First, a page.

How to design scalable architecture? Rather than focusing on specific brands or tools, keep a set of design principles in mind.
As scalability grows in importance, some common themes are beginning to emerge. Companies are realizing their legacy architecture is too rigid to handle a sudden increase in workload, and adjusting for growth is more expensive than they’d planned.
Read on to find out where they’re going wrong and how to learn from their mistakes.
Simply put, scalability is the ability of a system to handle sudden changes in workload without negatively impacting performance. It’s usually broken down into three areas.
Rather than focusing on specific brands or tools, keep a set of design principles in mind.
Vertical scaling is scaling by adding more powerful resources (ie, more RAM). It’s secure and fast under light loads, but it does not scale well at all. More powerful equipment is increasingly more expensive, and there’s only so high it can scale. Plus, vertical scaling tends to lock companies into technology without an easy path to modernization. It’s unavoidable sometimes- especially when dealing with many atomic transactions or high-grade security concerns- but whenever possible don’t scale up.
Horizontal scaling involves adding more nodes to a distributed network (ie, adding another server) rather than more powerful nodes. It’s the fastest, most cost-effective way to scale since increasing its capacity is as simple as increasing the size of the network.
Physical servers are only really valuable for multinational companies with high security requirements and a lot of usable capital. For the vast majority of companies, they’re a waste of time and money. Servers are expensive to build, maintain, and secure. New projects have to be put on hold while waiting for the storage to be finished. Plus, there’s always the risk of hardware becoming outdated.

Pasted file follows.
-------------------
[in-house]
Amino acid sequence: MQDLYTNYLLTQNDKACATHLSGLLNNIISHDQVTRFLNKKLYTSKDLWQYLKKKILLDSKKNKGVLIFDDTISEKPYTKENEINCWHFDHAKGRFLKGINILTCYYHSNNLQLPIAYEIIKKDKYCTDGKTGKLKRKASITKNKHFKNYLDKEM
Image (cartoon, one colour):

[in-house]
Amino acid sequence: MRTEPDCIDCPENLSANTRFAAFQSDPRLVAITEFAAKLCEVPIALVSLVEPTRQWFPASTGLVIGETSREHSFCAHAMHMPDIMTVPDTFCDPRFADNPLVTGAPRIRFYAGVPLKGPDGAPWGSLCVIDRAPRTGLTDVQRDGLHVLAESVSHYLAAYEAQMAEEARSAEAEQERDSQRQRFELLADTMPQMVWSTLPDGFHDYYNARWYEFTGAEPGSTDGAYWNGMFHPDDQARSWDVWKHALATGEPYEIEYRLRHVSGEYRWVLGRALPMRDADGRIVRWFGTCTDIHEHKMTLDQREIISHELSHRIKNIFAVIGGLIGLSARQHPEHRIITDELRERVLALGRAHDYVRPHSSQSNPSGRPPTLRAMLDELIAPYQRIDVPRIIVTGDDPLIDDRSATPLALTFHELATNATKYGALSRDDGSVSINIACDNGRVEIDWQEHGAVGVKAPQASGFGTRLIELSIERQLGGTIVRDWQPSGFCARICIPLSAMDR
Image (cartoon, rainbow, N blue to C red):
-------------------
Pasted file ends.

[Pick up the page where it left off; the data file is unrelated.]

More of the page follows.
Cloud storage puts data in logical pools spread out over a number of servers. Vendors then sell access to that storage through subscriptions. This model takes the burden of security and hardware maintenance off companies and allows them to purchase only what is needed at launch while remaining prepared for rapid scaling. Because the cost is spread out like a utility instead of an upfront investment, the project can reach ROI faster and begin to pay for itself much sooner.
Bottlenecks form when multiple processes require the same resources to proceed. Plan the application architecture to maximize the availability of resources that will be in high demand. What does that look like?
Microservice architecture breaks large software into smaller pieces that can operate independently of each other. When one node is in high demand others can work without adding to its load. Fault isolation is a major advantage of using microservices. If something does go wrong, the majority of the system can usually remain up while that part is repaired.
Choosing components that lend themselves to a scalable architecture saves both time and money. The slightly higher cost of emphasizing scalability during development is offset by greater agility and lower operational costs.
Concepta specializes in the kind of scalable architecture businesses need to meet the demands of digital transformation. Set up a complimentary appointment to discuss how to position your next application for success!